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Learn to ride

Have you always wanted to have a go at horse riding?  Are you not sure where to start?  

Some people think that you need a horse or pony to ride or take part in equestrian sport, but this is definitely isn't the case – especially when you're learning. Riding centres across the country can not only provide you with tuition in the saddle, but a horse or pony suited to your ability, height and weight.  

Horse riding is an activity that's open to all ages and all abilities, it's never too early or too late to start learning. Being around horses and ponies has been shown to benefit people in many different ways – it's great for your physical fitness, help your mental wellbeing and relieve any stress you may have. It's also a chance to meet other people from lots of different backgrounds who share a common interest. 

Being able to ride allows you not only to enjoy the company of horses and explore the countryside in the UK and beyond, but it provides you with access to a whole range of equestrian sports such as dressage, showjumping, eventing, polocrosse, horseball, endurance, mounted games etc.  However, you don’t have to ride a horse to take part in some equestrian sports – there are centres that offer other activities, including carriage driving and equestrian vaulting, which is gymnastics on horseback.  

Who can learn to ride?


You're never too old to start riding.  There will be lots of adults at riding centres, so you definitely won’t be alone. Most riding centres will suggest private one-to-one or semi-private lessons when you are starting out, then you can progress into a group lesson if you choose.  Enquire with the riding centre when you give them a call to book your lesson.  

Children and Young People

You can start riding from a very young age, and most riding centres cater for children and young people. However, it's always advisible to check their minimum age requirements when booking a lesson. Pony Club Centres host Pony Club activities for children and young people without their own ponies, with activities including rallies and camps, as well as group training and assessment on horse care and riding.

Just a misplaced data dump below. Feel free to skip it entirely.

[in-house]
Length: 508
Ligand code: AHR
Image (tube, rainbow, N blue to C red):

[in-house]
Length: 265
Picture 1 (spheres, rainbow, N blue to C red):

Disabled people

Horse riding is one of the most accessible sports for disabled people or those with a long-term health condition – nearly a quarter of equestrian participants say they have a disability. However, you may want specialist sessions, which are offered by Riding for the Disabled Association (RDA).  There are over 500 RDA groups within the UK, which can be found using the Find a Riding Centre tool.

There are also over 50 riding centres in the UK with Accessibility Mark accreditation that are able to offer sessions to disabled riders. Each accredited centre has been through training with experienced RDA coaches to ensure they're able to meet the high standards required by the RDA. Once centres have gained the Accessibility Mark status, they're offered continuous support from the RDA to ensure they provide you with a fantastic service whatever your level of riding. 

Finding a Riding Centre 

The best way to find a riding centre near you is to use the Find a Riding Centre tool. All of these riding centres are approved by your Local Authority and also by a Member Organisation of British Equestrian, which means they've been inspected to ensure that they're fully insured, use qualified coaches, and have policies and procedures in place – such as safeguarding – to ensure a safe and high-quality experience. The organisations that approve riding centres are...

  • The British Horse Society
  • The Association of British Riding Schools
  • The Pony Club
  • Riding for the Disabled Association


To book your lesson, you'll usually have to phone the riding centre.They'll ask you questions to get an idea of your level of experience so that you're booked into the right sort of lesson and partnered with a suitable horse. The centre may offer group lessons, semi-private (normally 2-3 riders having a lesson together) and private lessons on a one-to-one basis. 

Some of the questions they're likely to ask are...

• Have you ridden a horse before? If so, what have you done? 
• What is your age, height and weight? 

Please note that many riding centres have a weight limit for the welfare of their horses, so if you don't know your weight then you may be asked to get on the scales when you arrive the riding centre. If you think this could be an issue, please mention this at the time of booking.